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WAREHAM – Selectmen decided to hold off on a decision to enter a net-metering power purchase agreement with Future Generation Wind LLC, pending a couple of unanswered questions.
The deal could save the town 27 percent on its municipal electricity bill, or $9 million over the course of a 25-year contract, said Future Generation sponsor Keith Mann.
Selectman Alan Slavin wanted to make sure the public understands a key factor before anyone gets up in arms.
“Wind turbines are not being built in Wareham,” said Slavin during the March 5 meeting. “We are buying the wind power from another town.”
Mann, a cranberry farmer, plans to build four turbines on his farm at 810 Head of the Bay Road in South Plymouth. He said he expects everything to be up and running within 18 months.
So far, Mann said he has made agreements with Marion, Old Rochester Regional, and Upper Cape Tech.
He also said the company is in the “final stages of discussion with a couple of other large municipalities.”
There is a 10-megawatt cap of net-metering credits per town as regulated by the state, but the town of Marion does not need to use all of its megawatts. Therefore, Wareham would be able to purchase power from Marion, a host customer, at a discounted price.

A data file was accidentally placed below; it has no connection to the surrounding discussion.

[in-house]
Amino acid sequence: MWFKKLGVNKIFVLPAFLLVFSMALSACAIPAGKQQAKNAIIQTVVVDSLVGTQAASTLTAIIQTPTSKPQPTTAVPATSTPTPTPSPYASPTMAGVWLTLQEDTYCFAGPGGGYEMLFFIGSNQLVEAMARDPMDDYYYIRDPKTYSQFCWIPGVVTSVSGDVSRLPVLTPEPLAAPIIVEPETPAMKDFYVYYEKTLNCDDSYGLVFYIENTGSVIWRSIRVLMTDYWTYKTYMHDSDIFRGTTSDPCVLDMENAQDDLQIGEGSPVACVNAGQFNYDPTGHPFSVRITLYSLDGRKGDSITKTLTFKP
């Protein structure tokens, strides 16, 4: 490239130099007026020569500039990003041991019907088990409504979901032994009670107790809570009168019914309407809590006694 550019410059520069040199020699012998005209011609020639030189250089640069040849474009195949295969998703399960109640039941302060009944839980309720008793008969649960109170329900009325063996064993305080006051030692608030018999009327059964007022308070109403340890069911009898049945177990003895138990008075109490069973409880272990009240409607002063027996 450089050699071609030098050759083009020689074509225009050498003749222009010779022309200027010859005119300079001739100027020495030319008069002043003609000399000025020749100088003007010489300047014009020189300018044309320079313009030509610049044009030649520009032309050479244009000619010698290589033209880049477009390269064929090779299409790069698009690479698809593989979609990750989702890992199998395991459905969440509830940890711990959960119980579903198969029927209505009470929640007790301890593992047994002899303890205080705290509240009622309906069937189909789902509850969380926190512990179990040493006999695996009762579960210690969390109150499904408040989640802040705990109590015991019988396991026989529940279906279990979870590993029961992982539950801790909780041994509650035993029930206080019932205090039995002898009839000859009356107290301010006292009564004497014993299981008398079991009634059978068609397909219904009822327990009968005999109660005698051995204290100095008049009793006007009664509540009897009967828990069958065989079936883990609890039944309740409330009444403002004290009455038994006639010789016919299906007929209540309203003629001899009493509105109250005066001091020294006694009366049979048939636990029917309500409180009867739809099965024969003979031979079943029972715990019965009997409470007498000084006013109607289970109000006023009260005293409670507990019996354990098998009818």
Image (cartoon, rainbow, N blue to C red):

“If we don’t have enough credits, then we can add it to Marion’s total,” said Slavin.
Before moving ahead, the Selectmen wanted to figure out exactly how much power the town uses to avoid overspending.
“We work with the town administrator to get copies of the utility bills and then we make a recommendation,” said Carlos Pineda, President and CEO of Foresight Renewable Solutions, who accompanied Mann at the meeting to answer any technical questions.
Net-metering allows customers to generate their own electricity in order to offset their electricity usage. It can lower a customer’s electric bill by reducing the amount of electricity it buys from the electric company and allows the customer to be compensated for any electricity they generate, but do not use.
“It’s like buying a $100 gift card for only $75,” Pineda said.
Although wind turbines have generated numerous complaints from residents in other towns, Mann said the technology has greatly improved. The turbines built in Falmouth, for example, were stall-regulated, meaning the noise was based on the speed of the blade.
However, Mann said he is building pitch-regulated turbines, which are much less noisy because of an active control system.
As of now, Mann said a manufacturer has been selected to work on the project and Future Generation is working with NStar to finalize an agreement.
He is also working on gaining financing for the project, but does not foresee any roadblocks.
“I’ve been in discussion with banks and everyone seems optimistic,” said Mann.
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